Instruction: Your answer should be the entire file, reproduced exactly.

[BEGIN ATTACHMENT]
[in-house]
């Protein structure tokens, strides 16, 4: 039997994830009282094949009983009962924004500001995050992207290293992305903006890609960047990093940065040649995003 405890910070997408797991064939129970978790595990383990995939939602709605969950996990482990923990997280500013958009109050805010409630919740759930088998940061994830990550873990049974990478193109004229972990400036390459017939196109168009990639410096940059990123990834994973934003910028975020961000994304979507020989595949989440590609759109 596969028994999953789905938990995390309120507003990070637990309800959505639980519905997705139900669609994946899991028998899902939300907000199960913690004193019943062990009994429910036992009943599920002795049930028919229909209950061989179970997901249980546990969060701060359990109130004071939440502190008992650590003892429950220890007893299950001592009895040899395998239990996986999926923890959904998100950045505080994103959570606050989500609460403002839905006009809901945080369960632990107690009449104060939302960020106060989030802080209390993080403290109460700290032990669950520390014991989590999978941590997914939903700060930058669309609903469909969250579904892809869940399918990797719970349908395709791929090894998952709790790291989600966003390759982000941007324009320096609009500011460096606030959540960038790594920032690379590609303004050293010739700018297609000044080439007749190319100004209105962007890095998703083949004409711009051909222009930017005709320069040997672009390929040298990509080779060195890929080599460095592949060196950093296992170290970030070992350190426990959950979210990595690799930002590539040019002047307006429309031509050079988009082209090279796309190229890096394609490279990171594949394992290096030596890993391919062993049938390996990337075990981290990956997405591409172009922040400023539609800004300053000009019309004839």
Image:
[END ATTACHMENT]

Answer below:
[in-house]
């Protein structure tokens, strides 16, 4: 039997994830009282094949009983009962924004500001995050992207290293992305903006890609960047990093940065040649995003 405890910070997408797991064939129970978790595990383990995939939602709605969950996990482990923990997280500013958009109050805010409630919740759930088998940061994830990550873990049974990478193109004229972990400036390459017939196109168009990639410096940059990123990834994973934003910028975020961000994304979507020989595949989440590609759109 596969028994999953789905938990995390309120507003990070637990309800959505639980519905997705139900669609994946899991028998899902939300907000199960913690004193019943062990009994429910036992009943599920002795049930028919229909209950061989179970997901249980546990969060701060359990109130004071939440502190008992650590003892429950220890007893299950001592009895040899395998239990996986999926923890959904998100950045505080994103959570606050989500609460403002839905006009809901945080369960632990107690009449104060939302960020106060989030802080209390993080403290109460700290032990669950520390014991989590999978941590997914939903700060930058669309609903469909969250579904892809869940399918990797719970349908395709791929090894998952709790790291989600966003390759982000941007324009320096609009500011460096606030959540960038790594920032690379590609303004050293010739700018297609000044080439007749190319100004209105962007890095998703083949004409711009051909222009930017005709320069040997672009390929040298990509080779060195890929080599460095592949060196950093296992170290970030070992350190426990959950979210990595690799930002590539040019002047307006429309031509050079988009082209090279796309190229890096394609490279990171594949394992290096030596890993391919062993049938390996990337075990981290990956997405591409172009922040400023539609800004300053000009019309004839």
Image: